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I trust we're all familiar with the Paradox of Value -- that queer state of affairs in which diamonds, which are not good for anything, are very expensive, while water, which we all need to not die, is very cheap.

This has always reminded me of similar oddities in the labour market -- that a professional player of sports is paid millions of dollars a year, while a kindergarten teacher is paid much more modestly.

Am I correct in thinking that these are two sides of the same coin? Do the various resolutions of the Paradox also serve to explain the labour market? Or are there important differences between goods and labour that make this sort of approach unhelpful?

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Both of these things can be thought of as Supply/Demand problems where the relevant concept is actually how Demand is decided.

First, let’s look at diamonds. Diamonds are of value because people give them as gifts, proposals can hinge on them, etc. Now why that is a question of history or sociology, but the key idea is that people want them and will pay to make sure they can also give them as gifts. It wouldn’t be fun to plan a proposal, get on a knee, and pull out a Ring-Pop..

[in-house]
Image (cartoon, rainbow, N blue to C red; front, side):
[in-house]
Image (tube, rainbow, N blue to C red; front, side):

Diamonds and water are both of high demand! The difference is that supply of diamonds is small, so people will have to compete via price to get their diamond whereas water is relatively abundant.

Professional sports players too follow this pattern. What’s really important for basketball fans is seeing the absolute best players compete. There’s a reason middle school teams don’t sell out stadiums. So the demand is not for an average basketball player, it’s for the best basketball player.

The supply of truly spectacular basketball players is small (as the majority of draft busts can show) and therefore their salaries are quite high. Teachers are relatively abundant, so their salaries are a low (tragically so).

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